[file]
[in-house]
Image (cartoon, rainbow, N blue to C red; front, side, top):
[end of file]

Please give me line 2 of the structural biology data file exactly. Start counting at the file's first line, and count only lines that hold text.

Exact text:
Image (cartoon, rainbow, N blue to C red; front, side, top):